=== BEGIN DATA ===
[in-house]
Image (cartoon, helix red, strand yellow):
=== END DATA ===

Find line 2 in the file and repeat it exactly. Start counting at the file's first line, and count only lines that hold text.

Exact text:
Image (cartoon, helix red, strand yellow):